Sage advice has a way of forming life cornerstones. The possibilities for how this counsel is acquired, while often endless, are most often passed along by those whose experience(s) and wisdom are both admirable and trustworthy.
Gary Player is a man I have long admired and trusted.
Having had the good fortune to interview him multiple times over 33 years covering this game, my office file folder dedicated to the Black Knight is a thick one. I had it out again the other day and remain captivated by the sheer volume — and the quality.
Transcribing interviews for writers can be pure drudgery, but not the ones I’ve done with Player. Q and As with him — especially a two–plus hour session in 1999 I did with him at the Hassan II Trophy in Morocco, which moved from lunch in the Royal Golf Dar Es Salem clubhouse to a bus bound for a reception hosted by Prince Moulay Rachid later that evening — weave their way through Player’s career achievements and a surplus of golf-related subject matters with hand-cramping efficiency. What’s remarkable in the context of the answers is how often Player veers off to incorporate matters of society, politics, business and life. It’s quite astonishing. I looked briefly at a couple of transcribed pages from 1999, which had references to child obesity, Apartheid and Ben Hogan all from just a couple of questions.
Clearly he is engaging. Worldly, however, is a far more apt description of Gary Player.
With that in mind I was pleased to receive an advance copy of his new book last month.
On sale as of Wednesday, Gary Player’s Black Book – 60 Tips on Golf, Business, and Life from the Black Knight (Skyhorse Publishing) is unique, not unlike the man himself. With 18 books to his credit already, the winner of 167 professional golf tournaments has taken what might be called a compelling tributary off the main river with his most recent literary project.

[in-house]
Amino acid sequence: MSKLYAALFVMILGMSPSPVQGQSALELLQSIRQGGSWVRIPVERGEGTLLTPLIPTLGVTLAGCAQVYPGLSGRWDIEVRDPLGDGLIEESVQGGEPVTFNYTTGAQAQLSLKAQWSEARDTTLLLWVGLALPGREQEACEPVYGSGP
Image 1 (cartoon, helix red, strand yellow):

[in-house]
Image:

Effectively, this book is 201 pages of that sage advice previously mentioned. It is organized into three sections and focuses on specific scenarios that arise in life, golf and business. And it does not candy coat. There are things on these pages that will strike a chord, open your mind, or make you think differently about something than you had before.
Player takes on the role of psychologist, therapist, parent/guardian and swing coach and he does so admirably. His approach in this book is ideal not just for golfers but for anyone. It’s a terrific read. And as much as he is funny and provocative, make no mistake: Player is stone-cold honest. Nary is there a single place on these pages where he isn’t grounded either. If you want it straight you will get in Black Book.
Consider the first section, “The Questions of Life.” Player offers profound and personal wisdom to queries like, ‘How did you discover your purpose in life?’; ‘How do you strike a balance between pride and humility?’; ‘Is there a time to quit something and move on?’
Amid section two’s “The Questions of Golf,” Player serves up a wealth of his advice on the game, the swing and how to get more power, but he even delves into areas such as ‘How do I keep focused when others are playing badly?’ and ‘Do I play safe or take on the risky shot?’ Compelling about this section too is how it has widespread application. Anyone, from beginner to tour professional can get something from the answers on these pages.
Being a business analyst and a longtime watcher of the Gary Player brand, section three’s “Questions of Business” was so good I read it, then re-read it again right away. Of personal interest was, ‘What qualities make for a good CEO?’ and ‘Do I make a career change or stick with what I know?’
There is a more interesting narrative here. Lee Trevino pens the foreword for his longtime friend and the author’s own introduction and conclusion bookend and set up the three sections perfectly.
Gary Player’s Black Book – 60 Tips on Golf, Business and Life from the Black Knight is one you may wish to pass along to a friend or family member. But you might not. If you do there may be a caveat in place for its safe return. That’s because there is a timeless quality to Player’s words on these pages. This is a book that is likely to be referenced often. It’s one with tremendous shelf life.
Not unlike the legend himself.
Article courtesy of ScoreGolf.